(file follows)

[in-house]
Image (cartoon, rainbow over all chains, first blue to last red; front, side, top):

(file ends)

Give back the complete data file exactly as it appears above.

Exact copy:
[in-house]
Image (cartoon, rainbow over all chains, first blue to last red; front, side, top):